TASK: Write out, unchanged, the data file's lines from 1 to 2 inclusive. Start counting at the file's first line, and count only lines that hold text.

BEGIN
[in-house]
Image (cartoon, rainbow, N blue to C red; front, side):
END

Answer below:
[in-house]
Image (cartoon, rainbow, N blue to C red; front, side):